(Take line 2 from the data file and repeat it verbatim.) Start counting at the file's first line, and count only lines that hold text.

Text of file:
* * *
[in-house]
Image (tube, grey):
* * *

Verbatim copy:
Image (tube, grey):